Requirements

The US State Department has outlined the following requirements for issuance of a B Visa.

  1. It is for a limited duration;
  2. The applicant intends to leave the US at the expiration of his or her stay;
  3. While in the US, the holder maintains a foreign residence which he or she has no intention of abandoning;
  4. The applicant/holder has adequate financial arrangements to travel to, live in and depart from the US;
  5. The visa applicant/holder will engage solely in legitimate activities relating to business or pleasure.

To be approved, an applicant must show bona fide non-immigrant intent by demonstrating that:

  1. He or she plans to stay only temporarily in the US;
  2. He or she maintains a residence outside of the US that he or she has no intention of abandoning;
  3. He or she intends to leave the US at the end of the temporary stay;
  4. He or she has made adequate financial arrangements to enable him or her to carry out the purpose of the visit to and departure from the US;
  5. He or she has permission to enter a foreign country at the end of the temporary stay.
Student Visa

There are three visas open to those wishing to study in the United States: The F-1, J-1 and the M-1.

The F-1 Visa (Academic Student) allows one to enter the US as a full-time student in an accredited college or university. The student must be enrolled in a degree, diploma or certificate program or course of study.

The J-1 Visa (Exchange Student) is for students pursuing graduate or post-graduate studies, medical doctors undergoing training, visiting scholars, teachers, professors, international visitors, etc., to gain experience, study and do research in their respective fields.

The M-1 Visa (Vocational Student) is issued to students in non-academic programs such as health care technician, machinist, dental hygienist, and the like, in an established institution.

F1 visa holders can bring in members of their immediate family under F2 visas; J1 holders can bring in their spouses and minor children under J2; while dependents of M1 visa holders can enter the US in the M2 visa category.

Requirements (F Visa):
  1. Applicant for an F Visa must be enrolled in an academic program, while those of the M Visa should be enrolled in a vocational program;
  2. The applicant must be enrolled in a school approved by the Department of Homeland Security. Schools with recognized names are almost certainly approved;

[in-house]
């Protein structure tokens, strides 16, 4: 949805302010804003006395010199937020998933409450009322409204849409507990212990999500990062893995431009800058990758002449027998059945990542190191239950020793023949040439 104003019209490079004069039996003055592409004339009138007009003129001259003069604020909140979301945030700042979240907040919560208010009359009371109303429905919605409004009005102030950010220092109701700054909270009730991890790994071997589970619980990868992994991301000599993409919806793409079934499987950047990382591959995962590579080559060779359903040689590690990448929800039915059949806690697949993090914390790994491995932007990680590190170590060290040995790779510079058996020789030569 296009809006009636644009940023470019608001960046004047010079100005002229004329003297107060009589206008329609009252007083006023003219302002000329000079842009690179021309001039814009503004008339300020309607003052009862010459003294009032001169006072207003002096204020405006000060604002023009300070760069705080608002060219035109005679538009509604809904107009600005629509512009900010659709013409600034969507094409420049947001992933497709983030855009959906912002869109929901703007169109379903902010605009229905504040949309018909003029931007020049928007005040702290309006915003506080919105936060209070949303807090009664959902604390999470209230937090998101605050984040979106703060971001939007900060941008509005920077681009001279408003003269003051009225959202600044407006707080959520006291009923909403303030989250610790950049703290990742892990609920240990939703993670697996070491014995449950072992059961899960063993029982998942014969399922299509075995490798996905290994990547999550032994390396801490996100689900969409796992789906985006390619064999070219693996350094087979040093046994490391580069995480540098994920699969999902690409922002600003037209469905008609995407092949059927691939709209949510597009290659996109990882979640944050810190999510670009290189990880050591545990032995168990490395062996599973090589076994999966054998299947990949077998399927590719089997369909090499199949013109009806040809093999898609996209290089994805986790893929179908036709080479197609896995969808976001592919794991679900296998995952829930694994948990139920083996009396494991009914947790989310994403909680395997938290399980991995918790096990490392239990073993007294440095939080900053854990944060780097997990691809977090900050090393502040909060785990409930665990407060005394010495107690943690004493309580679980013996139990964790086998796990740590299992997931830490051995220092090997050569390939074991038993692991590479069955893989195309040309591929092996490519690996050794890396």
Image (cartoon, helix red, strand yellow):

3. The applicant must be enrolled in a full course of study;
  4. The applicant must be proficient in English or be enrolled in English language courses leading to proficiency;
  5. The applicant must have sufficient funds available to support him or her for the entire proposed course of study;
  6. The applicant must maintain a residence in his home country or abroad and must intend to leave the US upon the completion of his or her studies;
  7. The applicant must intend to attend the school specified on the visa.
Requirements (J Visa):
  1. The applicant must have plans to participate in a designated Exchange Visitor Program;
  2. In some cases, an exchange visitor must spend two years following completion of his or her US training program in their home country or last legal residence;
  3. The applicant must maintain a residence in his home country or abroad which he has no intention of abandoning.
Professional Visa (H-1B)

The H-1B program allows the employer to temporarily employ a foreign worker in the US on a non-immigrant basis in a specialty occupation. To hire a foreign worker on an H-1B visa, the job must be a professional position that requires, at a minimum, a bachelor's degree in the field of specialization.

An H-1B classification is valid for the period of employment indicated in the labor condition application (LCA), for up to three (3) years; a foreign worker can be in H-1B status for maximum continuous period of six years.

After the H-1B expires the foreign worker must remain outside the US for one year before another H-1B petition can be approved. Certain foreign workers with labor certification applications or immigrant visa petitions in process for extended periods may stay in H-1B status beyond the normal six-year limitation, in one-year increments.